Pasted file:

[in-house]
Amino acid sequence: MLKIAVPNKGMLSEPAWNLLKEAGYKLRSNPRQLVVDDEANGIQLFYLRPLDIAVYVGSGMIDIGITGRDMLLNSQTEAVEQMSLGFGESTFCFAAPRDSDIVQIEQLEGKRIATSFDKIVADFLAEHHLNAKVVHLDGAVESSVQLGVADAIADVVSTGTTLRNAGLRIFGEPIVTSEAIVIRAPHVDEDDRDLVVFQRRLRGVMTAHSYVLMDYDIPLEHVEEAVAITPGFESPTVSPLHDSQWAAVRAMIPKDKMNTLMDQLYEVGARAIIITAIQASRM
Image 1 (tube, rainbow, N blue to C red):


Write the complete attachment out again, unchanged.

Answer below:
[in-house]
Amino acid sequence: MLKIAVPNKGMLSEPAWNLLKEAGYKLRSNPRQLVVDDEANGIQLFYLRPLDIAVYVGSGMIDIGITGRDMLLNSQTEAVEQMSLGFGESTFCFAAPRDSDIVQIEQLEGKRIATSFDKIVADFLAEHHLNAKVVHLDGAVESSVQLGVADAIADVVSTGTTLRNAGLRIFGEPIVTSEAIVIRAPHVDEDDRDLVVFQRRLRGVMTAHSYVLMDYDIPLEHVEEAVAITPGFESPTVSPLHDSQWAAVRAMIPKDKMNTLMDQLYEVGARAIIITAIQASRM
Image 1 (tube, rainbow, N blue to C red):